Over at A Cricketing View, Kartikeya has another excellent post on DRS (at this point, the man could put together a 1000-page collection of his writing on the subject). In reviewing yesterday’s Michael Clarke LBW decision, Kartikeya reiterates a conclusion I’ve long supported: that the DRS, far from offering an objective, neutral, “scientific” review, merely offers just another subjective description of reality. The debate over umpire review is not one of Truth (i.e. Machine) v. Non-Truth (i.e. Human Fallibility); it is, and always has been, Sorta Truth v. Sorta Truth. The crisis we face in cricket is trying to decide whether we want to replace one mode of judgement — human observation — for another — computer/video gizmos. There’s no escaping the wormhole, friends.

I just want to add a quick reflection on this Ian Chappell quote (reported by Kartikeya in his post):

“There never has been, nor will there ever be, a case where a 50-50 decision causes animosity on the cricket field. Players are conditioned to accept that one day these decisions will go your way and the next they’ll go against you. What does cause animosity on the field is the absolute howler that can change the course of a match.”

I’d like to suggest that this is not actually true anymore. During Day 4, a couple of Australian batsmen — David Warner and Ed Cowan, I think — behaved as if they were wrongly given out. As they shook their heads while walking back to the pavilion, they seemed to be saying, “If only the BCCI allowed DRS! Oh, the travesty!” By my estimate, however, only Warner could claim that his case was close, but both decisions were eminently reasonable.

Now, maybe this was just two isolated examples of touchy batsmen, but I think the existence of DRS has alarmingly fed this myth among players (and perhaps fans?) that umpires are fallible and that machines are not. That is to say, DRS is starting to eliminate the howler/non-howler distinction; anything marginal or benefit-of-the-doubty is considered an outright injustice. I imagine that as more players come to experience DRS, or a successful umpire review, they will increasingly believe that the umpires must be wrong. Looking at the number of unsuccessful reviews (mostly for LBWs) over the years, I wrote on Twitter  that DRS has revealed either how many cricketers don’t seem to understand the rules of the game, or, more charitably, how many use terribly biased sensory perception to evaluate reality.

In the quest to remove “absolute howlers,” we may have inadvertently destroyed the authority and tradition of the cricket umpire, one of the quirkiest (and I think essential) figures in sport. And for what? Look again at Michael Clarke’s reaction to his dismissal — as Kartikeya writes, he looked ruefully at the pitch, because had the ball not hit a certain spot, it would not have bounced so erratically. Fate and chance conspired against Clarke, but does anyone among us believe it to be unfair? Of course not! Why can’t we treat the umpire who occasionally errs in the same fashion? Why are we willing to forgive landmine pitches, but not extremely competent umpires who mess up now and then?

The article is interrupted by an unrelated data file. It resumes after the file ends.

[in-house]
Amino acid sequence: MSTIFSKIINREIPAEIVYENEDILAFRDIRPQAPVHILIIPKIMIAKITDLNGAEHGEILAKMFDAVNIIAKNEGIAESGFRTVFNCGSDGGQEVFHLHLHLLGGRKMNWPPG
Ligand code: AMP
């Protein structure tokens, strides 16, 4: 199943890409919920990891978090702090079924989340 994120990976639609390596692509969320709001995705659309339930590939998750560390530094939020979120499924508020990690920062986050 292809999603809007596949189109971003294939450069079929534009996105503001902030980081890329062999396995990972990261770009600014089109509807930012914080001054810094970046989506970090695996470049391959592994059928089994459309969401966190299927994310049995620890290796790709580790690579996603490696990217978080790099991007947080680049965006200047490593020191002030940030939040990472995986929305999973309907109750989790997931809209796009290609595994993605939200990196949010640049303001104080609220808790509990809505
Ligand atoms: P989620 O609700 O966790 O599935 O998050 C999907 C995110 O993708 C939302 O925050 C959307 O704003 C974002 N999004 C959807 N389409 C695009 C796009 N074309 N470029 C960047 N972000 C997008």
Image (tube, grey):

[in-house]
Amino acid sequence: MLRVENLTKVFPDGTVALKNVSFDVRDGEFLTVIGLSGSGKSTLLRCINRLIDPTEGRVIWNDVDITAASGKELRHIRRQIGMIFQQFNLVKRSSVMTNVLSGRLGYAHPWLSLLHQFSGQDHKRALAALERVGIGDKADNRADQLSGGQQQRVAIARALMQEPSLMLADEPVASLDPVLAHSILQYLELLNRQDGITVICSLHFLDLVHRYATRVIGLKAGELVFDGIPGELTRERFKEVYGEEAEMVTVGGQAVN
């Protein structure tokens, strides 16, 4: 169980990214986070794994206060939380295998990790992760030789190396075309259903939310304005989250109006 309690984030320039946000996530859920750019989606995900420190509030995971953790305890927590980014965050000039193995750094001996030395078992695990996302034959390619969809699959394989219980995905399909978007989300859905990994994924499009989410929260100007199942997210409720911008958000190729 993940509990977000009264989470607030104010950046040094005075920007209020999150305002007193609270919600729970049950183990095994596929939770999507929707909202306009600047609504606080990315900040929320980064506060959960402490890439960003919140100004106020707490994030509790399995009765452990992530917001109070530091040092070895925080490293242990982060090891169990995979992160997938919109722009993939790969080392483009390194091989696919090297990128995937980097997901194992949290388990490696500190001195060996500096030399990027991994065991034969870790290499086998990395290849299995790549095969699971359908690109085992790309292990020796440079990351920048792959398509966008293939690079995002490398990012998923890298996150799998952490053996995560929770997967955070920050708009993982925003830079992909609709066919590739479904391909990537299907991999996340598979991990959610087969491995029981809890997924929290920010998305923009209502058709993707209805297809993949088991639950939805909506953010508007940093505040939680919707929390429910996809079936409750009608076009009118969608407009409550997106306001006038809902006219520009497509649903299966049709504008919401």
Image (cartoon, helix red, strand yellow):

A Couple Of Questions About DRS

If you want to understand DRS — or anything about cricket, really — you need to read Kartikeya Date’s tour de force on the subject. Date is concerned with two elements of the umpire review process, both equally problematic: the accuracy of the ball-tracking technology, but also the “communications protocol,” that is, how players and umpires move through appeal + replay review + decision.

As most readers know, I’d be perfectly happy if DRS were hit on the back of the head, tied to a concrete slab and dropped in the New York harbor. I’ve never been a fan, mostly because bad umpire decisions don’t particularly anger me. I see umpire errors as a crucial part of the game, which, in my view, is the last truly anti-modern athletic activity around (other than, maybe, archery?). The idea here is that cricket is a game of fates; humans struggle valiantly against chance and luck, and when they succeed, they should know that their ability could easily have been outmatched by factors beyond their control (the weather, for example).

So I largely agree with Date’s larger point — DRS is a problem — but I disagree with how he gets there. He makes a big deal about the new system not giving the benefit of doubt to batsmen; the third umpire’s reviews basically try to see if there’s any evidence to overturn the on-field umpire, so he gets the benefit of the doubt, not the batsman. I’m not that concerned; I view the cricket umpire as an acceptable tyrant. There’s a long tradition in cricket of protecting the umpire and giving him all sorts of authority that other sports, particularly American ones, would find daft — or at least outmoded.

Which is why I don’t agree with solutions Date has flirted with — basically, either allowing third umpires to step in and review bad decisions automatically, or allowing on-field umpires to check particular aspects of decisions (for LBW, e.g.: Did he nick that ball? Did he get outside the line?). I don’t like this because we’ll end up where run-outs are, with almost every decision reviewed for no apparent reason. (The logic will be: If I don’t review and get this wrong, I’ll look daft; so let me just review and get it over with.) The on-field umpire will turn into a rubber stamp, and we’ll lose a lot of the old game’s flavor.